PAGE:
Sachet: The sachets are easier to store in my backpack. They slip into tiny little gaps that the pot would have no chance to get in to. Plus when I’m finished with the packet, it can be scrunched down into a tiny ball which can sit in the bottom of my bag until the trip is done. The only downside is that I needed to take a bowl to put the porridge in.
You’re going to ask which is best. It’s a tough one. I think I’d go with the sachets. For a long trip, one bowl and 20 sachets have a much smaller packing size than 20 porridge pots. Whereas on a short trip, I’d say take the pots. That was almost a decision, right?
Calories for Hiking
Even with all the great features that I’ve described so far, it’s all worthless if the porridge can’t sustain me for my hike.
On this test trek, I hiked for around 2 hours per day, with a good 4 hours of climbing interspersed within that. That’s a lot of calories burnt.
As I’ve always found with porridge, I didn’t feel weighed down with my breakfast in the early morning and the slow-release oats meant that I felt that I had plenty of energy all the way up until my lunch in the early afternoon.
If your morning hikes are a little more relaxed, then you’ll definitely be covered by the MOMA porridge. If you think you’ll be even more active, who says you can’t have two packs of porridge!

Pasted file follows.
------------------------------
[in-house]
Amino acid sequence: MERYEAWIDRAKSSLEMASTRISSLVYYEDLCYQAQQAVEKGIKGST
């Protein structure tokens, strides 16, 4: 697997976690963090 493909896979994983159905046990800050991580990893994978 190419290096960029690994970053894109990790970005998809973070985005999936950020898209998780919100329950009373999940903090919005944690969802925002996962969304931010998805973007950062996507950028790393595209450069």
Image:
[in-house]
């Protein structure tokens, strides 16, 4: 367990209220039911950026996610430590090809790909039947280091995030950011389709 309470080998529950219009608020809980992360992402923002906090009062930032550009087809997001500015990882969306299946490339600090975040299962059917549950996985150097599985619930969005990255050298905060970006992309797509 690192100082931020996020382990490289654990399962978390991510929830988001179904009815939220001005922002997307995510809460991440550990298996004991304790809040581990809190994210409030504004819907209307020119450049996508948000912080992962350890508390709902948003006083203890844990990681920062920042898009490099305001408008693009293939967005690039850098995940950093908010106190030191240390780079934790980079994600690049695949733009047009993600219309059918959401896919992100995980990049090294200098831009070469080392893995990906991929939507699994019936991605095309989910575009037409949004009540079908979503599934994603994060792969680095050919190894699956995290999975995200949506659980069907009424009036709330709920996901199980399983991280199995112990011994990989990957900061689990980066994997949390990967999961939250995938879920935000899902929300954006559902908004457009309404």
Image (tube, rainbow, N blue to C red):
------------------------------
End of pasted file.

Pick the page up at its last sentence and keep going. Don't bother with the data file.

A good breakfast is invaluable when it comes to exploring in the outdoors. Sometimes you get lost, sometimes trails take longer than you expect. Everything seems much easier when your energy levels aren’t depleted.
On this trek, I was safe in the knowledge that my calorific needs were taken care of. These little pots and sachets are great value for the amount of energy they give you on the trails.
Plus the sachets even come in a multipack, making that value even better.
I’m switching over. No more lumpy porridge for me that takes forever to cook. With MOMA’s porridge, I have a range of flavours to keep me interested even on a multi-day trip and I have the energy I need each day to enjoy my treks.
I’d throughly recommend picking up some MOMA porridge for your next camping trip. You can find out more at MOMA Foods.